Without creativity and innovation, business enterprises will stagnate and the much-need sustainable economic growth and development will not be achieved, the newly elected President/Chairman of Council, The Institute of Business Development (IBD), Prof Ifeanyi Achumba, has said.

Delivering a paper titled “Survival is not enough” during his investiture/induction of members and Annual General Meeting (AGM) in Lagos, Achumba said innovation is key to sustainable success in an increasing competitive world.

Insisting that enterprises must rapidly and repeatedly re-invent themselves to survive competition, he said the economic environment requires renewed dynamism in approach, adding that creativity and innovation are the new tonic or name of the game.

According to him, only discerning organisations can manage the inherent changes in the new environment.

Achumba, who stated that the on-going reforms of the Federal Government should be reinvigorated to achieve the desired objective of being less-dependent on imported goods, materials, services and technology, however, added that: “Our success, therefore, will depend on the seriousness with which enterprises undertake creative and innovative activities in terms of indigenising inputs, sourcing and developing new indigenous products.”

He said the society would benefit tremendously from individual enterprises undertaking innovative and creative activities, hence, they  should not be left to government agencies to execute.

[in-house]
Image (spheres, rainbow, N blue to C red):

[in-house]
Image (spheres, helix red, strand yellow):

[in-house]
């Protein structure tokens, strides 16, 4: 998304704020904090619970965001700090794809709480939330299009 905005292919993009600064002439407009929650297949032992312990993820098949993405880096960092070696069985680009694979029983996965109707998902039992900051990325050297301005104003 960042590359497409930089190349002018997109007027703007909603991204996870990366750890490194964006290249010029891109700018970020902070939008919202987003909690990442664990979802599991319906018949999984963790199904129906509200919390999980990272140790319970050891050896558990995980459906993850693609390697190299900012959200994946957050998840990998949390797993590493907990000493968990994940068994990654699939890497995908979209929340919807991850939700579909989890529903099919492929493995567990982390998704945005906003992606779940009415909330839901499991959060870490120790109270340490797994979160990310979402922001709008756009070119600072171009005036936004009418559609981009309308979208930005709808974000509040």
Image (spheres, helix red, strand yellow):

“It therefore, becomes imperative for an enterprise to continuously challenge itself to finding new and better ways of doing the old thing or in fact, create new ways of doing new things,” he stated.

Promising to bring his wealth of experience to bear on his new position, he made a case for an inward-looking strategy to move the country forward.

The highpoint of the event was the induction of four members made up of three associates and one fellow.

The Registrar/CEO, IBD, Mr. Paul Ikele, said the induction was an aspect of the institute’s continued professional development to ensure that members acquire new knowledge to develop themselves and grow the institute. He said the fellows were expected to bring the knowledge from their various organisations to bear on it.
Ikele said the institute’s plan is to continuously innovate and be pro-active and creative, as well as think deeper on how to turn around the economic fortunes of Nigeria so it  can compete with other developed countries. “We want to build that edge to ensure we key in,” he told The Nation, on the sideline of the induction.
IBD’s immediate past President/Chairman of Council Mr. Ifeanyi Obibuzor agreed with him, noting that there is a need to make the institute more visible. “We have to be more aggressive and reach out to the media. We also need to take our institutional problems and begin to solve them. We must look into the challenges of the small and medium businesses that have survived under this environment,” he said.


Giving his scorecard as the third president, Obibuzor said the institute under his watch acquired a befitting office. He also said the its membership drive led to an improvement in membership.

He charged the new president to build on the achievements of his administration, saying, “We need to look at long term planning as an Institute and as a nation and then access what we have done, the gaps and how to bridge them.”

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